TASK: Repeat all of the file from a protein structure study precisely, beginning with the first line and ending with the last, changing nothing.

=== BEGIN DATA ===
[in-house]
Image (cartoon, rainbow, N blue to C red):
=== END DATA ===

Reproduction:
[in-house]
Image (cartoon, rainbow, N blue to C red):